Evolusync's main purpose is to synchronise your Evolution addressbook with your IR or BlueTooth(beta) mobile device.

Evolusync may help you retrieve or update your mobile device phone book from sources other than Evolution.

Evolusync's current version is 1.1 and runs on Evolution 1.4.

Evolusync is licensed under the GPL. The project page is on Sourceforge.net


Evolusync is basically made of two parts:

This second set currently supports the OBEX over IR and BlueTooth and GSM AT over IRComm protocols.

Always try to use OBEX if you can (see devices), it should provide richer phone book data support. Check your device documentation or try irdadump with IR to discover what your device can do (see Irda below). The dump should show IrOBEX in the list of device capabilities.

Be safe: always try to backup your mobile phone data first:

  • IR:
  • evolusync -readDevice -type NOKIAOBEXIR -v
  • BlueTooth:
  • evolusync -readDevice -type NOKIAOBEXBT -v -bdaddr XX:XX:XX:XX:XX:XX -btchannel 4

    NOKIAOBEXIR or NOKIAOBEXBT may not be appropriate for you, but if everything works fine, your mobile addresbook should be available in VCard format in /tmp/DevicePhoneBook.vcf.

    Type evolusync --help for more options.


    Download the latest version from Sourceforge.net. To compile Evolusync, you need the following libraries:

    Other required libraries should already be available if you are running Evolution.

    Compilation and installation is achieved by:

    make all install

    You will get two binaries: evolusync and gsmat that will be installed in /usr/local/bin


    Make sure your bluetooth or infrared stack works on your computer first (see Irda below).

    When you have the choice, always use OBEX rather than GSM AT as a protocol. OBEX allows you to send full vcard data (multiple phone numbers, email addresses, notes …).



    Yes, please! The best opportunities are:

    1. Send detailed bugs information (I mean detailed: use the -vvv switch).
    2. Write better documentation (not too hard).
    3. Test phonebook parsers (the -type argument with various phones) and develop new phonebook parsers for other IR devices—check irDeviceParsers.c for details.
    4. Develop a GUI, a link to another mail client addressbook …

    Please use the sourceforge bug tracker as a primary mean of communication or contact me at bgrieder@users.sourceforge.net.

    Many thanks to Darren Brierton for greatly improving this page.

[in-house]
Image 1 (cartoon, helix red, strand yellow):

Getting the Infrared to Work on your Computer

    This is most likely the hardest part of all this.

    A – You are the lucky type

    If you are part of the lucky few, give this a try:

    1. Login as root or sudo.
    2. Type /etc/init.d/irda start.
    3. Place your IR device in front of the IR cell of your computer.
    4. Type irdadump.

    You should see something like this (below my NOKIA 7210 being detected):

    14:52:28.129612 xid:cmd c097a4a9 > ffffffff S=6 s=1 (14)
    14:52:28.219607 xid:cmd c097a4a9 > ffffffff S=6 s=2 (14)
    14:52:28.219599 xid:rsp c097a4a9 < 000004d3 S=6 s=1 Nokia 7210 hint=b125 [ PnP Modem Fax Telephony IrCOMM IrOBEX ] (27)
    14:52:28.309582 xid:cmd c097a4a9 > ffffffff S=6 s=3 (14)

    If not, well, keep on reading. If yes, you are good to go.

    B – Enable the irda stack

    First make sure you have all the components of the irda stack loaded and download the package irda-utils which is available prepackaged for basically all distros. irda-utils provides among many other things than the irdadump utility. Once installed try A again, who knows …?

    For GSM AT, you need to enable the ircomm protocol. To do that, try modprobe ircomm and check with lsmod that it is there.

    The best practise is to create a symbolic directory link, usually /dev/mobilephone, to the appropriate /dev/ircomm (usually /dev/ircomm0) which you should chmod (to 666 for instance) so that it can be accessed by users.

    C – Make sure the hardware works

    Without going into gory details, there are FIR and SIR type of Irda chips. All we need is to get SIR to work. The first thing is to understand to which serial tty the IR device is attached; it usually is /dev/ttyS1 but do not rely on this (it is /dev/ttyS2 on one of my laptops).

    The easiest way I know to find this is:

    1. disable the IR port in the BIOS;
    2. boot Linux;
    3. check what ttyS you have;
    4. shutdown;
    5. enable the IR port in the BIOS;
    6. boot Linux;
    7. you should have one more ttyS in /dev.

    Be wild, and try irattach /dev/ttySx then try irdadump as described in A. If this works, you will probably need to update the file /etc/sysconfig/irda with the appropriate ttyS. If it still does not work, you may have some hardware initialisation issue. If you have an SMC-IRCC Irda subsystem, the solution is at http://irda.sourceforge.net/smcinit/. Try one of the fixes provided and check /var/log/syslog while you do so. It will tell you what works and what does not. Then you will usually need to run setserial with the values you found in the logs to align the kernel to the hardware settings.

    Have Fun,
    Bruno Grieder